J left last Friday for 8 days to celebrate a friend's birthday with a bunch of people in Key West.  I'm not sure what prompted me to agree to such a long solo stint, but I'm on day 7, so it's almost done.  We've been staying busy -- visiting friends, going to Jump Street and Monkey Bizness, playing at the park.  The kids have been great (mostly - bedtime has been a bit rough), but I'm so ready for some time alone.  J has already given me the thumbs-up to go to the movies tomorrow when he gets back.  I'm torn between Skyfall and Argo.  I might do Argo and then see Skyfall with J.

I'm so screwed

Josie is cracking me up these days.  She has become so headstrong and self-assured, which is awesome - I abhor a doormat - but I foresee some epic battles in about 10 years or so.  Yesterday at school, the kids were instructed to go sit on the reading rug for story time.  The rug has the alphabet on it, and each kid was assigned to a letter to sit on.  When Josie sat down on her letter, she looked around at the arrangement and exclaimed loudly, "this seat STINKS!  I can't see a thing!"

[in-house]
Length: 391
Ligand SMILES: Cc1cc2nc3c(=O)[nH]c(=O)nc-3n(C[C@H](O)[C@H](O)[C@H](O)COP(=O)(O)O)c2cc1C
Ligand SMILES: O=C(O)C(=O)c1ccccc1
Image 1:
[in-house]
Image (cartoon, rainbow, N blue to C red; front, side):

Which is hilarious because she's a skinny little three-year-old peanut, but won't be so cute as she gets older. 

Speaking of young whippersnappers...

One of my high school friends, who is one of my favorite people in the world, has a wonderful teenage daughter who has started a really cool bilingual blog (they live in France).  It's a good read -- check it out by clicking here


We had an election.  I am happy with the results.

Happy Friday, y'all!

Tuesday, October 30, 2012